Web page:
Music is a tremendously powerful channel through which people develop their personal and social identities. Music is used to communicate emotions, thoughts, political statements, social relationships, and physical expressions. But, just as language can mediate the construction and negotiation of developing identities, so music can also be a means of communication through which aspects of people’s identities are constructed. Music can have a profound influence on our developing sense of identity, our values, and our beliefs, be it from rock music, classical music, or jazz.
Musical identities (MacDonald, Hargreaves and Miell, 2002) was unique in being in being one of the first books to explore this fascinating topic. This new book documents the remarkable expansion and growth in the study of musical identities since the publication of the earlier work. The editors identify three main features of current psychological approaches to musical identities, which concern their definition, development, and the identification of individual differences, as well as four main real-life contexts in which musical identities have been investigated, namely in music and musical institutions; specific geographical communities; education; and in health and well-being. This conceptual framework provides the rationale for the structure of the Handbook.
The book is divided into seven main sections. The first, ‘Sociological, discursive and narrative approaches’, includes several general theoretical accounts of musical identities from this perspective, as well as some more specific investigations. The second and third main sections deal in depth with two of the three psychological topics described above, namely the development of and individual differences in musical identities. The fourth, fifth and sixth main sections pursue three of the real-life contexts identified above, namely ‘Musical institutions and practitioners’, ‘Education’, and ‘Health and well-being’. The seventh and final main section of the Handbook – ‘Case studies’ – includes chapters which look at particular musical identities in specific times, places, or contexts.
The multidisciplinary range and breadth of the Handbook’s contents reflect the rapid changes that are taking place in music, in digital technology, and in their role in society as a whole, such that the study of musical identity is likely to proliferate even further in the future.
“Clearly, this book is an in-depth work of great scope. One might think it is a simple follow-up to the authors’ 2002 work Musical Identities, but it far more than that. In my opinion, it has surpassed the original in many ways. It is multi-disciplinary, contemporary, and brings real-life music to the forefront. It is important to remember this is a handbook, and therefore it presents us with a variety of information, and is more than a presentation of quantitative research studies. It gives us narratives to accompany the statistics. It provides context, and context is something this work presents exceptionally well.” —PsycCRITIQUES
About the Author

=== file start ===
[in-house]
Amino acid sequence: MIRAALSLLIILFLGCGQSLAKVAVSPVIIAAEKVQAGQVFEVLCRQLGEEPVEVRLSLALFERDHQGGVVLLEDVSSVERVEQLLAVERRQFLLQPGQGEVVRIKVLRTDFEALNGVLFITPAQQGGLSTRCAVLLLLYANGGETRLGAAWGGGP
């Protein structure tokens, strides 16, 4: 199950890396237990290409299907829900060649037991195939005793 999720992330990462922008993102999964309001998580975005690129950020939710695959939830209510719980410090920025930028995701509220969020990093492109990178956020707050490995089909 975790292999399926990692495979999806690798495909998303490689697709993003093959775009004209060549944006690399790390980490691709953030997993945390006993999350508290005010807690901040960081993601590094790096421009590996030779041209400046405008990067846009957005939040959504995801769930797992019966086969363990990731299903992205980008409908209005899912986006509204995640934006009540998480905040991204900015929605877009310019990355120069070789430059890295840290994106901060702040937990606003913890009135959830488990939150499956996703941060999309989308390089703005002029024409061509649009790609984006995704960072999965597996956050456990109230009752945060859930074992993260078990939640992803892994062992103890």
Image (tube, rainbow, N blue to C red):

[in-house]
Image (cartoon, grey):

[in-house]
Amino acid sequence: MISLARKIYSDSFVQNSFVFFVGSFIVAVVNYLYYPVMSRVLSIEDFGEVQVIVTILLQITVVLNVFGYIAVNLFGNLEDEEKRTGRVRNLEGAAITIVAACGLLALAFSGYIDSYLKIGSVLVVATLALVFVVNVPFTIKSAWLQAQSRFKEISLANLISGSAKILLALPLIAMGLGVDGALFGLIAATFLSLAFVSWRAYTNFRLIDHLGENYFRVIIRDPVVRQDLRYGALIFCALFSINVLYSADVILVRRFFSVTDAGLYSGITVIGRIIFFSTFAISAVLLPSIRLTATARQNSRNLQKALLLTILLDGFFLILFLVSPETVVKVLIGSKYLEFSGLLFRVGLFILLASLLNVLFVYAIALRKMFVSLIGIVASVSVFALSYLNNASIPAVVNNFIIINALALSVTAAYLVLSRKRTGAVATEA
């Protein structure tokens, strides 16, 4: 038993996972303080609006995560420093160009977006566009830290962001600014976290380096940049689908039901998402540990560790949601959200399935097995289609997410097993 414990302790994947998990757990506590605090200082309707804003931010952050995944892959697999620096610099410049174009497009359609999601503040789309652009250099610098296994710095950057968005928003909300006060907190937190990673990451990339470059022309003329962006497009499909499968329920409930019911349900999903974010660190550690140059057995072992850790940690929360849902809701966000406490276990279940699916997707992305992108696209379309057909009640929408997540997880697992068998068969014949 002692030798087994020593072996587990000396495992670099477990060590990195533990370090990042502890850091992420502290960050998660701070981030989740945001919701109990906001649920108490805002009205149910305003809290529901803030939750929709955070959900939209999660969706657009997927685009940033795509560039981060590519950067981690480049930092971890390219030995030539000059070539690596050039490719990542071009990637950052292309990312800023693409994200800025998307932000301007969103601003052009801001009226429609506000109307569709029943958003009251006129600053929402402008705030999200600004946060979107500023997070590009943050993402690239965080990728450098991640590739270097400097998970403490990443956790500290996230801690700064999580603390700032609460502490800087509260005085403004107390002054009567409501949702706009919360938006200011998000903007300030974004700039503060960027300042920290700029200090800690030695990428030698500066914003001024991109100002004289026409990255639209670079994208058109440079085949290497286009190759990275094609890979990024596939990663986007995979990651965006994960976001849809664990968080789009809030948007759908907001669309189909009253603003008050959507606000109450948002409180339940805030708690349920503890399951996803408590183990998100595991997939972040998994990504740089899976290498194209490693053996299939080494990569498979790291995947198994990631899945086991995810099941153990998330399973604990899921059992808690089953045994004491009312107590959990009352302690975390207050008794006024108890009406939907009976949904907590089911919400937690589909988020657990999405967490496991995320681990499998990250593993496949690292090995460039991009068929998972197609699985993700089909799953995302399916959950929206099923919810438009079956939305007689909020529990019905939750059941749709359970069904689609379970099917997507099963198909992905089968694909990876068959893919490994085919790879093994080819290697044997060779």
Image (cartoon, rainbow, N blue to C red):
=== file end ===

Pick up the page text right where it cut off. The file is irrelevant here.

Raymond MacDonald, Professor of Music Psychology and Improvisation, University of Edinburgh,David J. Hargreaves, Professor of Education, University of Roehampton,Dorothy Miell, Professor of Social Psychology, The University of Edinburgh
Raymond MacDonald is Professor of Music Psychology and Improvisation and Head of The School of Music at University of Edinburgh. He runs music workshops and lectures internationally and has published over 70 peer reviewed papers and book chapters. He has co-edited four texts, Musical Identities (2002), Musical Communication (2005), Musical Imaginations (2012) and Music Health & Wellbeing (2012) and was editor of the journal Psychology of Music between 2006 and 2012. His on-going research focuses on issues relating to improvisation, musical communication, music health and wellbeing, music education and musical identities. As a saxophonist and composer he is a founding member of The Glasgow Improvisers Orchestra and has released over 60 CDs. Collaborating with musicians such as David Byrne, George Lewis, Evan Parker, Jim O’Rourke and Marilyn Crispell he has toured and broadcast worldwide and has written music for film, television, theatre, radio and art installations.
David Hargreaves is Professor of Education and Froebel Research Fellow at the University of Roehampton, and has previously held posts in the Schools of Psychology and Education at the Universities of Leicester, Durham and the Open University. He has been Editor of Psychology of Music, Chair of the Research Commission of the International Society for Music Education (ISME), and is a Fellow of the British Psychological Society. His books, in psychology, education, the arts, and music have been translated into 15 languages. He has appeared on BBC TV and radio as a jazz pianist and composer, and is organist on his local village church circuit.
Dorothy Miell is Professor of Social Psychology based at the University of Edinburgh where she is also Vice Principal and Head of the College of Arts, Humanities and Social Sciences. She is a Fellow of the British Psychological Society and of the Royal Society of Edinburgh. She has worked on issues of identity, relationships and communication as they apply to creative collaborations in childhood, adolescence and amongst professional artists. Amongst her other co-edited texts are Musical Identities (2002), Learning to Collaborate, Collaborating to Learn (2004), Collaborative Creativity (2004), Musical Communication (2005) and Musical Imaginations (2012).